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Gardens as science learning contexts across educational stages: learning assessment based on students' graphic representations
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EUGENIO-GOZALBO, M., Aragón, L., & Ortega-Cubero, I. (2020). Gardens as science learning context across educational stages: learning assessment based on students’ graphic representations. Frontiers in Psychology, 11: 2226.https://doi.org/10.3389/fpsyg.2020.02226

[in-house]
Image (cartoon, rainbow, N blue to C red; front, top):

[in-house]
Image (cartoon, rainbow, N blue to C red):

The educational use of daily-life contexts is considered a valuable strategy to promote meaningful science learning, since it facilitates the establishment of connections between previous knowledge, personal interests, and new learning. The aim of this work is to provide evidence to support the presence of gardens at educational centers, by assessing key science topics whose learning is promoted at the preschool, primary, secondary, and university stages. To this end, we analyzed the paired graphic representations of “a garden” that students drew both before and after their participation in a garden-based learning program. Firstly, we obtained the frequency of appearance of every represented element, and afterward characterized the level of change between paired graphic representations. Sample size was of 24–19–25–29 pairs per stage, respectively. Across all stages, an overall improvement in students’ graphic expression was observed, which can be attributed to their experience in the space. At the pre-school stage, the garden favored the establishment of some simple cause-effect relationships which were consolidated at the primary stage, and provided a climate of motivation and affectivity that was evident in the final drawings, given the enormous quantity of details represented, the level of the finished product, and the careful combination and variety of colors. The presence of elements related to water notably increased in final graphic representations from pre-school, primary, and secondary education, thus evidencing that the use of gardens facilitates an approach to responsible water management. At the university stage, students initially demonstrated good knowledge of conventional agriculture, while the gardening experience -which was based on permaculture practices- helped evolve their ideas toward an alternative model of cultivation. The most prevalent science learning across all stages was related to plant knowledge, particularly to their anatomical traits and diversity. Finally, the role of educational gardens as models for students was evidenced, which suggests the importance of teachers and institutions carefully considering which model to offer.
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